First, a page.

Birds have devised some ingenious nesting strategies to conceal and protect their offspring. Some nest in tree cavities or nest boxes, others in dense shrubbery, and some even hide in plain sight. Perhaps no other North American bird has a strategy as bizarre as that of the amazing Chimney Swift, an aerial acrobat that spends most of its life on the wing. Because of their inaccessible nesting sites, very little is known about what goes on in a Chimney Swift nest. What we do know is that both sexes help to build a nest that looks like a half-saucer made out of twigs which are glued to a vertical wall with the swifts’ own saliva. Because it is extremely difficult to monitor these nests, one of the best ways to learn about them is to install a nest camera in a known nesting chimney before the swifts arrive in the spring. Watching their nests take shape in the night vision of the camera, we see that the engineering is precise; it has to be if the eggs, usually 4–5, are to stay balanced in half the space normally allotted to other bird species. Thanks to a nest camera hosted by a private camera host and Tri-State Bird Rescue & Research, you, too, can peek into the dramatic process unfolding in chimneys across the country right now.
Chimney Swifts naturally nest in hollow trees and dark caves, but when European settlers arrived and began to construct chimneys, silos, and wells, the swifts began using these sites more frequently. Today, they are most commonly found nesting in cities, even more so than in surrounding rural landscapes. You will know them by their cigar-shaped bodies and boomerang-like wings, which appear to beat asynchronously when they fly. You might even hear their high-pitched calls high above the rooftops as they catch flying insects. There are often 1 or 2 helpers at the nest in addition to the mated pair; sometimes these helpers are the pair’s offspring from previous years. Once the breeding season has ended, Chimney Swifts gather in large flocks to roost by the hundreds, sometimes thousands, in a single chimney. These large flocks will migrate to Central and South America en masse, stopping to roost in a different chimney along their route each night.
Chimney Swifts are faithful to their breeding sites and will return year after year to the same chimney. When a nesting chimney collapses or is capped, the swifts must find a new home. Some people have successfully provided an alternate home by constructing a Chimney Swift tower. These little dynamos live life on the edge and are fascinating to watch–see for yourself.
To help you better know the life history of your nesting birds and to answer any questions you may have about the activities of your birds, participants and supporters of NestWatch now have free and complete access to the Birds of North America Online database through the month of July.
As you may know, the Birds of North America Online is acknowledged as the preeminent source of life history information for the over 700 species of birds that breed in the United States and Canada. Maintained by the Cornell Lab of Ornithology in partnership with The American Ornithologists’ Union, this comprehensive resource is authored by experts on each species. Each species account includes information on distribution, identification, behavior, breeding biology, and conservation. The accompanying multimedia includes photos of various plumages, examples of sounds, and videos of interesting behaviors.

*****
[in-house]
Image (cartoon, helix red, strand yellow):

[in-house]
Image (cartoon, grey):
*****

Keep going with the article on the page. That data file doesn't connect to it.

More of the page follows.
To gain free access to this resource, please visit the BNA Online Proxy page. Once there, select “Other Organizations” and then select “NestWatch” from the dropdown menu of Organizations on the next screen. Then enter the following User Name and Password:
User Name: NestWatch
After clicking submit, you will immediately be taken to the BNA Online Home Page where you will have complete access to the BNA Online database. We hope you enjoy having access to this comprehensive reference!
The first record of 2013 has officially been broken! Entries for Northern Cardinal nests have just surpassed their highest level in NestWatch history. Great job, everyone! Until as recently as 2005, there were no Northern Cardinal nests being reported to NestWatch. Our database has grown from 1 nest in 2006 to last year’s high of 77. NestWatchers have already recorded over 100 attempts so far this year. The state with the most cardinal nests is currently Texas.
Shortly after the record for Northern Cardinal was broken, that of the House Finch was also shattered. The previous record of 100 nests was just surpassed with a comfortable lead. Would you like to find a Northern Cardinal or House Finch nest? Review our focal species page for tips on where to look, and learn about their breeding biology.
We are thrilled to announce that NestWatch has just released 5 new tutorial videos to help you learn the ropes of data entry! Some of the topics covered include Registering a Nest Site, How to Add a Nest Attempt, and How to Archive a Nest.
Follow along as your host guides you through the process of getting started with data entry. More tutorial videos are planned to help you get the most out of NestWatch, so check back throughout the summer for new additions. If you’ve been wondering how to correctly enter your observations or what to do with those old nests, watch now and see how easy it really is.
At the beginning of each month, NestWatch randomly selects one participant who has entered data that month to receive a copy of the NestWatch Common Nesting Birds of North America poster. This month’s lucky winner is Patricia Dutton. Congratulations, Patricia!